- Hemp was a staple crop of 1800’s American agriculture, reflected in town names like “Hempfield” and “Hempstead.”
Hemp/ marijuana is the number one cash crop in Alaska, Arizona, California, Colorado, Maine, Michigan, Montana, Nevada, New Jersey, New Mexico, Oregon, Rhode Island, Vermont, Washington, and Hawaii and the number six cash crop in Texas. (Source: Top 10 Cash Crops, Norml.org)
Let U.S. Farmers Grow Hemp
Call or write to your Senators! We need your Senators to become a cosponsor of S. 359, Senator Wyden's companion bill to H.R. 525, the Industrial Hemp Farming Act of 2013. This bill would allow farmers in the U.S. to once again have the opportunity to grow this profitable agricultural crop.
Following our recent victories legalizing marijuana in Colorado and Washington, it was only a matter of time before steps were taken toward drug policy reform on a federal level.
Tuesday February 5th, members of Congress announced an ambitious new bill that will end federal marijuana prohibition and allow states to set their own guidelines for the regulation of marijuana, the Ending Federal Marijuana Prohibition Act of 2013. This groundbreaking legislation shields individual states from federal interference and allows law enforcement to focus their priorities where they belong: on solving violent crime, not wasting time and resources on nonviolent marijuana arrests.
We need your help, Please take a minute to send a letter to Congress in support of the Ending Federal Marijuana Prohibition Act of 2013.
CA scientists prove
A pair of scientists at San Francisco's California Pacific Medical Center Research Institute are preparing to release research data which proves cannabidiol (CBD) - a marijuana compound - has the ability to "turn off" the activity of a gene which causes cancers to metastasize. (Read More...)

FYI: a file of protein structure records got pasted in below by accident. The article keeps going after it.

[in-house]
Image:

has been supplying
Cannabis for 30 years!
On November 20th, Irvin Rosenfeld will celebrate 30 years of receiving 10-12 Cannabis cigarettes from the United States Federal Government. He is the longest surviving of the final four Federal Medical Cannabis patients from a program that was started in 1978 and stopped under President H. W. Bush. He and 13 others were “Grand-fathered” in what is called a “Compassionate Care Investigational New Drug “protocol.
“Even though I have a severe bone tumor disorder, I am in great health because of my Cannabis use”, said Rosenfeld. “The sad part is that the Federal Government either doesn’t care or does not want to know how well I am.”
Eighteen states and D.C. have enacted laws that declared that their citizens that need Cannabis for medical use are not criminals. That’s over 40% of the population. 75-80% of the people believe that physicians should have the right to use Medical Cannabis in their practices. When will the Federal Government take real responsibility for the cost of healthcare and do what’s best for patients?
“I am living proof that Medical Cannabis works,” said Rosenfeld, author of “My Medicine” ‘How I Convinced the U.S. Government to Supply My Marijuana and Helped Launch a National Movement’ available at www.mymedicinethebook.com and on Kindle.
asks feds to honor state
- By Bartholomew Sullivan
- Posted November 19, 2012 at 3:32 p.m., updated November 20, 2012 at 1:55 p.m.
WASHINGTON – U.S. Rep. Steve Cohen has asked the Justice Department to respect Colorado and Washington state referendums making marijuana possession legal, saying it would be "a mistake for the federal government to focus enforcement action on individuals whose actions are in compliance with state law." (Read Article)
We need your help to
call and/or write
Lamar Smith on
MAKE THAT CALL OR WRITE!
ASK LAMAR SMITH TO STOP BEING A CHICKEN WHEN IT COMES TO THE ISSUE OF ENDING MARIJUANA PROHIBITION. CALL HIS OFFICES AND ASK HIM WHAT HE PLANS TO DO ABOUT THE FAILED DRUG WAR, AND THE FACTS BEHIND MEDICAL MARIJUANA!
Austin District Office
2211 South IH-35, Suite 106
Austin, Tx 78741
Or call his office at 512-912-7508
8:00 am - 1:00 pm M-Th
San Antonio District Office
1100 NE Loop 410, Suite 640
San Antonio, TX 78209
Or call his office at 210-821-5024
8:00 am - 5:00 pm M-F
Kerrville District Office
301 Junction Highway, Suite 346C
Kerrville, TX 78029
Or call his office at 830-896-0154
8:00 am - 12:00 pm M-Th
Washington, DC Office
2409 RAYburn House Office Building
Washington, DC 20515
or call his office at 202-225-4236
9:00 am - 5:30 pm M-F